October 23, 2020

Cayman: Office of the Ombudsman releases 2018 Annual Report – police complaints top

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Ombudsman Sandy Hermiston reported on the office’s first full year of operations with the tabling of the 2018 Annual Report in the Legislative Assembly. In 2018, after 3.5 short months in operation, her mandate was expanded from oversight of government decision-making and freedom of information appeals to include public complaints about police conduct and whistleblower protection for both the public and private sectors.

The main purpose of the Office of the Ombudsman is to advance public confidence in government, police, and in some cases the private sector, through impartial and fair oversight by an independent office of the legislature.

In this first full annual report, Ms. Hermiston details the workload of the office including 229 inquiries answered, 230 cases received and 155 cases closed. The report summarizes the types of informal resolutions and investigations conducted by the office. “The case studies in this report serve as a reminder of the impact our work can have on people’s lives”, noting that as the office evolves and develops expertise and capacity, she intends to initiate investigations into systemic issues beginning in 2020.

“My role is not to police politicians, or overturn their political decisions,” she adds, “but to ensure decisions made by civil servants, and in some instances, private sector employees, are fair, reasonable and in compliance with applicable law and policy”.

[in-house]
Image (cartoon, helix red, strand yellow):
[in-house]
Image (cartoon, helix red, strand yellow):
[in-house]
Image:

The top category in the first year was related to police complaints. This was to be expected given that the office was tasked with addressing an eight year backlog. The office began working with the RCIPS to improve their services by providing bespoke training sessions to police during their customer service training.

The report also highlighted the considerable effort in outreach and the development of guidance documents in anticipation of the coming into force of the Data Protection Law in 2019. While the office only saw two whistleblower complaints in 2018, progress was made in developing guidance documents which will be available in 2019.

“Given the challenges involved in the amalgamation of two existing offices with the addition of two areas of responsibility, it is a significant accomplishment to receive a clean audit opinion from the Auditor General” says Ms. Hermiston.

In addition to the Annual Report, a report on the government’s performance with respect to Freedom of Information requirements was also tabled in the Legislative Assembly in compliance with section 40 of the Freedom of Information Law.

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